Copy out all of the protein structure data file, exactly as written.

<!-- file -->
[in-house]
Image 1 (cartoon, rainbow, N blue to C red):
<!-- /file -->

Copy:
[in-house]
Image 1 (cartoon, rainbow, N blue to C red):